Two Cong leaders fight it out as the party seeks power in Karnataka
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"On May 8, we'll be looking at the very least 130 seats." A beaming Siddaramaiah, the chief ministerial face of the Congress at least on his home turf, the Mysore belt, has no doubt that the party will govern on its own and more, "In the coming Lok Sabha Polls we'll deliver a minimum 20 out of 28 MPs."
"Despite all that's happening to the UPA in Delhi?"
"Never mind Delhi. Look at the turnout! See the enthusiasm! On a Sunday at high noon in this sweltering heat..." He points towards the surging crowd that tries to trot up and catch up with the SUV that is ferrying him back to the helipad. "Voters go by local factors."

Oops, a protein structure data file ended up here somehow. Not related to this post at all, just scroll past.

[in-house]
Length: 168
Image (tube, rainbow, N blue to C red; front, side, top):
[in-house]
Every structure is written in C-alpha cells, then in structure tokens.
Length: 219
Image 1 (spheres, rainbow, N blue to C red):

This is as uneuphemistic as anyone can get in the grand old party. The message is clear. Elections from now on will be won by state leaders, of course for and with the blessings of the High Command. (Soniaji and Rahulji mentioned once at the end of the speech. The PM not at all.) The unsaid part is if you project the right CM or at least get a bit less vague on the team head as the polling date draws close, voters might connect better.
However, there was no early sign of any connect. The crowd waited patiently as earlier speakers including the local MP, Dhruva Kumar, had their take on the socially divisive saffron outfits, the BJP and Yeddyurappa's Karnataka Janata Party. For a good hour before he got up to speak, Sidharamaiah sat visibly engrossed in a Kannada newspaper. He hardly made any eye contact with the audience. When he finally got up to speak, his sole plank was the BJP's corruption. In a speech dotted with numbers, astronomical enough to give the CAG a complex but a risky proposition at a poll meet, he held the crowd.
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